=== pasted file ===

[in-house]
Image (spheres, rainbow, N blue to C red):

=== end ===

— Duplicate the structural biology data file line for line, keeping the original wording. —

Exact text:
[in-house]
Image (spheres, rainbow, N blue to C red):